How is the ear involved in balance?

Advertisement
Advertisement
Eric E. Smouha, MD
Ear, Nose & Throat (Otolaryngology)
The inner ear contains the organs of balance - the three semicircular canals and the utricle and saccule. They contain fluid and work like a carpenter’s level, to detect movement of the head in space. The semicircular canals detect rotational movement, and the utricle and saccule sense to-and-fro movement. These organs change the sensation of motion to nerve impulses that travel to the brain and result in compensatory movements of the body and the eyes.
David M. Vernick, MD
Ear, Nose & Throat (Otolaryngology)
Hearing isn't the only thing the ear does. The inner ear contains the body's balance mechanism, which is why problems with balance and hearing often accompany one another. The balance mechanism, called the vestibular system, is housed in an inner ear structure called the labyrinth. The labyrinth is made up of three semicircular tubes arranged in a cloverleaf shape and two organs – the utricle and saccule. . The tubes of the labyrinth are similar to the cochlea, a snail-shaped structure in the inner ear, in that they consist of bone-encased membranes filled with fluid and lined with hair cells. As you move, the fluid in the inner ear shifts and bends the hair cells, stimulating them to fire a message to the brain telling it how much you moved and in which direction. If you spin around very fast, the fluid can't move fast enough to tell your brain your exact position, so you feel dizzy.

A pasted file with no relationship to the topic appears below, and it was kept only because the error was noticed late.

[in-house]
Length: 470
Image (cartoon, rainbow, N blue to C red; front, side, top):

Continue Learning about Ear, Nose and Throat

Important: This content reflects information from various individuals and organizations and may offer alternative or opposing points of view. It should not be used for medical advice, diagnosis or treatment. As always, you should consult with your healthcare provider about your specific health needs.